Five Questions with Long Beach Symphony Orchestra Singer Tony DeSare

Here's the thing about the Long Beach Symphony Orchestra's POPS! concerts: You might not think you'd want to go, but you'd be wrong. Take me for example.

When I was a wee lad, I thought the music world began at the Germs and ended at Jawbreaker. I guess you could say I've expanded my horizons since then because I've been attending the LBSO's POPS! and classics concerts for about two seasons now and I might say they are my favorite shows to see. 

Now before you get all freaked out about going to a show where a sweaty dude in flannel's crotch isn't pressed into your backside, perhaps you should know that POPS! concerts aren't traditional classical music shows. This season's opener, for example, is on Saturday at the Long Beach Arena and features singer Tony DeSare doing a bunch of tunes from the Great American Songbook. That means songs written by the likes of Cole Porter, Irving Berlin and George Gershwin--you'll probably hear "My Funny Valentine," "Just One of Those Things" and even Prince's "Kiss," along with some DeSare originals in the vein of the classic material he performs.

DeSare is proof that POPS! shows are fun. The 35-year-old singer lives in the Upper East Side of Manhattan, a neighborhood he describes as "the only place in the world you can order pad thai at 4 a.m. and get it delivered ten minutes later by a guy from Guatemala." See what I mean? The dude's not only a killer crooner, he's got a sense of humor too. Already this show is way less stuffy than you imagined.

Because it's so close to Halloween, the audience is encouraged to dress in costume for this performance. (Personally? I think part of the fun of going to the LBSO is getting your swag on in fancy clothes. But I guess you could go as a werewolf or one of the guys from The Hangover if you wanted to.)

Oh yeah, the audience is encouraged to bring a picnic and eat before the gig. This includes wine, people! Now there's no excuse.

And in case you're still on the fence about the coolness of the POPS! concerts, here are five questions with DeSare that prove the real squares are the ones staying home instead of checking out classic pop music.

OC Weekly (Ryan Ritchie): What's it like being the youngest person at all your shows? Seriously, why do you think more young people (teens, 20s and 30s) don't know more about jazz standards, POPS shows and such?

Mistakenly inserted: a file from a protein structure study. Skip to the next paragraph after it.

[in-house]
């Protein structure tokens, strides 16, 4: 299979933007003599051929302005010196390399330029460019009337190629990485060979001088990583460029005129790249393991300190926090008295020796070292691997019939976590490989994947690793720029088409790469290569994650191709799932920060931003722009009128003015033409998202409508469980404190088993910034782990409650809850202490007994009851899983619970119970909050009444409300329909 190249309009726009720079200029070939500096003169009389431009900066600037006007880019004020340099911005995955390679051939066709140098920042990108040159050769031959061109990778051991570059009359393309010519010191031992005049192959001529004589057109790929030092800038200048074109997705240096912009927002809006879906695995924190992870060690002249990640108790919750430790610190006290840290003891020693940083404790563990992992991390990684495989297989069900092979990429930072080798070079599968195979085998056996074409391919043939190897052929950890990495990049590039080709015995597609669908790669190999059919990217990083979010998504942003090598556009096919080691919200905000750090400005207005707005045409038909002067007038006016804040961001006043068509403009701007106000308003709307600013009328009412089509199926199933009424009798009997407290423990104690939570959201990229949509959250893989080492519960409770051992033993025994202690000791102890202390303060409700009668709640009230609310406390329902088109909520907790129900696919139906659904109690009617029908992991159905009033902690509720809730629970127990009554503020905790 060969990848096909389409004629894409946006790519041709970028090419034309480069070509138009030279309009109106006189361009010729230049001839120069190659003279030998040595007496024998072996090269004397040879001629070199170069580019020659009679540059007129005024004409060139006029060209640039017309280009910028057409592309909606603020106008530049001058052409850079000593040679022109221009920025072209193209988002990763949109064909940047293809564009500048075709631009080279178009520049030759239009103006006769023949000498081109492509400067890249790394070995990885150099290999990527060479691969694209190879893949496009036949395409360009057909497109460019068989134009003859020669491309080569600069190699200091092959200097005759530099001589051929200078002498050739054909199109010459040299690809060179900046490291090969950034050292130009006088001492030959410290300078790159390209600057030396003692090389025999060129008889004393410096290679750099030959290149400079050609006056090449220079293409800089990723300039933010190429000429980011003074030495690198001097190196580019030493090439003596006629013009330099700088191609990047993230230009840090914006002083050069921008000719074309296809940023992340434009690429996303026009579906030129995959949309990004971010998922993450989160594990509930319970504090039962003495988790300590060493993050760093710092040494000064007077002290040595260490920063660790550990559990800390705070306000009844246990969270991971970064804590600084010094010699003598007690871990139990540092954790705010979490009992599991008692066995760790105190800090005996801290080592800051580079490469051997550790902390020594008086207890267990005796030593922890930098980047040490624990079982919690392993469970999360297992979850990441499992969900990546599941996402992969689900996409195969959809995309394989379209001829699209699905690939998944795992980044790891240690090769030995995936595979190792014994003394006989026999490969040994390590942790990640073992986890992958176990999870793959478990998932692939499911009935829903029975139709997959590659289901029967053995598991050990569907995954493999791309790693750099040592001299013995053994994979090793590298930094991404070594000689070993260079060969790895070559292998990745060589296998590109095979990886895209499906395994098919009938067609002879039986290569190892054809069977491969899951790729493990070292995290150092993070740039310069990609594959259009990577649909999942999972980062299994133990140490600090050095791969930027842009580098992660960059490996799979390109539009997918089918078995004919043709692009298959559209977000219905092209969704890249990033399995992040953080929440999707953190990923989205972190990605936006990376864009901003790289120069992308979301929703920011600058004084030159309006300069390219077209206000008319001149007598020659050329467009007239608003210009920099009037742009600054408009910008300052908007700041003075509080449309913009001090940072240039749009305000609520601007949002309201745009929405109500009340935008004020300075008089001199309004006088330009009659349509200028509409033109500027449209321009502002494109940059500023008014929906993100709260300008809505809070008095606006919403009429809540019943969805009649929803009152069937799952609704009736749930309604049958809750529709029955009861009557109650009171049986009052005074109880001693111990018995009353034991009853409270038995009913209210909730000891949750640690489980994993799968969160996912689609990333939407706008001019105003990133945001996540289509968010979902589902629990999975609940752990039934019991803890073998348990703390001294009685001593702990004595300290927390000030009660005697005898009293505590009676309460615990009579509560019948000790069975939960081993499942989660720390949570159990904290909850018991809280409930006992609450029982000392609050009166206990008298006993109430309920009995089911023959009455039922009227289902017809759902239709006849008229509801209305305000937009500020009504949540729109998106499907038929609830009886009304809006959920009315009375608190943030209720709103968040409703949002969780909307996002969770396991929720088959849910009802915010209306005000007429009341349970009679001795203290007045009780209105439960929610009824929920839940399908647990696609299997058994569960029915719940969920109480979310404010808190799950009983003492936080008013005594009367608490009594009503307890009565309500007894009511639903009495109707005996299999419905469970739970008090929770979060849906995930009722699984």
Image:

I'm not always the youngest person at my shows...sometimes the grandkids are forced to come. I'm just kidding...sort of. Actually, I do find that there is often a wide age range at my shows. One great thing about the style of music I chose to pursue is that it's appeal is pretty universal. Many young people don't know more about classic pop (or jazz standards, as you called them) mostly because they haven't been exposed to enough of it to develop an appreciation, though I find that young people these days are open to just about anything that they think is good. That is why I think it's hard to define a generational sound for the current generation often called the "Millenials." They have the entire catalog of 20th Century pop music to choose from and can spend their time discovering the thousands of great recordings that have already occurred. I don't think the style of music I've been known for doing will ever be mainstream again; at the same time I don't think it will ever die because there are new people falling in love with it every minute of every day.
As to why we don't see more young people at orchestral pops shows, I think there are many reasons. One being a generational difference in supporting local arts, another being the fact that the younger people tend to have busier lives (children, demanding jobs, etc.) and less disposable income. Many orchestras now are making great strides in finding what it takes to attract younger people to live orchestral shows. 

How does one get into getting gigs with POPS orchestras? I mean, it's not like a normal club gig where you send them a demo, right? I assume there's more to it than that.
I feel really lucky to be working with orchestras now. No, it's not an easy gig to get. It's a combination of hard work, getting a reputation for being good and professional, having a great team that believes in you and at the end of the day, being able to deliver good entertainment to audiences. Singing my music with a live orchestra is probably the most thrilling thing I do now and I try my hardest every time to give it everything I've got and get better at it every time.

How much practice with the orchestra do you get before each show?
Rehearsal time is usually very limited because it is so expensive to run a rehearsal.  Usually we get to play everything once though. If I'm lucky, maybe twice. The good thing is the level of musicality of a symphony orchestra is usually so high, it's all they really need. 

Name one band/artist/song/record/etc. you really like that your fans would never expect you to like.
This summer I listened to a lot of Bon Iver, Mumford & Sons and Foster the People.  And of course, I won't change the channel if an Air Supply song comes on the radio. My Vanilla Ice cassette finally broke a few years ago, so I've adjusted to life without my daily dose of "Ice Ice Baby."
The LBSO allows guests to bring food and beverages to a pre-show picnic. If you were having a pre-show picnic (as an audience member, not a performer), would you drink red or white wine? Or perhaps both? If not wine, what would you bring if you were having a pre-show picnic?
I would definitely opt for the bottle of red. I hear that people are going to be dressing up for Halloween, too, during my show. Probably from my angle it will look like a bunch of zombies having a picnic with pitas and sun-dried tomato hummus from Whole Foods.


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